Laying the Groundwork of Listen & Be Heard Network

Since closing the doors of Listen & Be Heard Poetry Cafe in downtown Vallejo, Ca for the last time at the end of March 2008, I have been working on setting up the Listen & Be Heard Network. It has required building several websites and mailing lists, all ultimately connected by my involvement in the projects that inspired the websites I built. Continue reading

Laying the Groundwork of Listen & Be Heard Network

Since closing the doors of Listen & Be Heard Poetry Cafe in downtown Vallejo, Ca for the last time at the end of March 2008, I have been working on setting up the Listen & Be Heard Network. It has required building several websites and mailing lists, all ultimately connected by my involvement in the projects that inspired the websites I built. Continue reading

Freedom of Creation

Last week I was talking about some of the obstacles we faced as publishers of Listen & Be Heard Weekly in print, and our eventual decision to publish exclusively on-line. I mentioned also, that during the time we were printing thousands of copies of the newspaper each week, my husband Tony and I opened Listen & Be Heard Poetry Cafe in downtown Vallejo. A couple months ago, a little more than three years after we opened, we made the decision to close the cafe and move on. There were several different forces at work that led us to make the decision to close our physical doors. Continue reading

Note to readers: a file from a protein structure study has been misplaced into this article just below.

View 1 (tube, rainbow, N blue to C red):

The Why of Switching from a Local to an International Point of View

Last week I wrote about the beginnings of Listen & Be Heard in New York City in the 1990’s. What developed there was the roots of what Listen & Be Heard became in Vallejo, CA. For those of you who might now be searching for a mate, let me suggest that you host a weekly open mic event and be very patient. Tony Mims showed up one Thursday night at Rafael’s, and we got married. He inspired me to make Listen & Be Heard more than an open mic event. I was already sending out a weekly e-mail with news about who we were featuring each week. He suggested we be more ambitious and print an actual newspaper that would be like an open mic in print for the arts community. Continue reading